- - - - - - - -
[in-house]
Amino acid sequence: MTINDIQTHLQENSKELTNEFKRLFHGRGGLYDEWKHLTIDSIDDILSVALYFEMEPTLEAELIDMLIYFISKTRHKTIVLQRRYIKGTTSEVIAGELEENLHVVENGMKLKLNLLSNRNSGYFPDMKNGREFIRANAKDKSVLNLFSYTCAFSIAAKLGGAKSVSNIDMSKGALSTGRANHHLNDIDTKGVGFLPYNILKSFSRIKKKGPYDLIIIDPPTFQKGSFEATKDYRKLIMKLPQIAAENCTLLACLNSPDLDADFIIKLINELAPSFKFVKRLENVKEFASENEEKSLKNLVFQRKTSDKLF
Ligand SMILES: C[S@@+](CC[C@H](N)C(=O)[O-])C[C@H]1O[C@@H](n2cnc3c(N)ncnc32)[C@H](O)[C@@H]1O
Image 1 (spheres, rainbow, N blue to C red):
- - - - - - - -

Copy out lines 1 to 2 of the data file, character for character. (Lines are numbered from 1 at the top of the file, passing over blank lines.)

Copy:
[in-house]
Amino acid sequence: MTINDIQTHLQENSKELTNEFKRLFHGRGGLYDEWKHLTIDSIDDILSVALYFEMEPTLEAELIDMLIYFISKTRHKTIVLQRRYIKGTTSEVIAGELEENLHVVENGMKLKLNLLSNRNSGYFPDMKNGREFIRANAKDKSVLNLFSYTCAFSIAAKLGGAKSVSNIDMSKGALSTGRANHHLNDIDTKGVGFLPYNILKSFSRIKKKGPYDLIIIDPPTFQKGSFEATKDYRKLIMKLPQIAAENCTLLACLNSPDLDADFIIKLINELAPSFKFVKRLENVKEFASENEEKSLKNLVFQRKTSDKLF